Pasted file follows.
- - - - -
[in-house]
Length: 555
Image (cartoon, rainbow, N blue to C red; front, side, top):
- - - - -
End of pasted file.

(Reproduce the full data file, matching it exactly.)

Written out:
[in-house]
Length: 555
Image (cartoon, rainbow, N blue to C red; front, side, top):